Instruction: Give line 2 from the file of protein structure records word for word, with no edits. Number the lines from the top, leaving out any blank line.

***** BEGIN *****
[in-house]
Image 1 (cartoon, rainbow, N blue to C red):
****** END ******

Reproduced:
Image 1 (cartoon, rainbow, N blue to C red):